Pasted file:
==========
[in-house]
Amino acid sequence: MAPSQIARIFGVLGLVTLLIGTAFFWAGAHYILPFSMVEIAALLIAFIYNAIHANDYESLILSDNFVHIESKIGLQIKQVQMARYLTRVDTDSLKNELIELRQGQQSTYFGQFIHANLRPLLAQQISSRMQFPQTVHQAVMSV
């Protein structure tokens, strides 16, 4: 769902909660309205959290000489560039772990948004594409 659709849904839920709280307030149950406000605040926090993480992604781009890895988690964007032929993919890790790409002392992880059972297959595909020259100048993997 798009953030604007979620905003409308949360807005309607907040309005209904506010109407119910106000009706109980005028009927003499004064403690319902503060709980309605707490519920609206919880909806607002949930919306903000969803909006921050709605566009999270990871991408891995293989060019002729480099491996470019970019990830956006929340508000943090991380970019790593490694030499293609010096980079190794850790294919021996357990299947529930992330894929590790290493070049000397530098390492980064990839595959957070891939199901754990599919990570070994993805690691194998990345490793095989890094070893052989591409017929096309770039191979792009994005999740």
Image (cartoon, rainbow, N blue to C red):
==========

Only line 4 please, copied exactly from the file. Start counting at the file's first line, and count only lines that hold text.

Image (cartoon, rainbow, N blue to C red):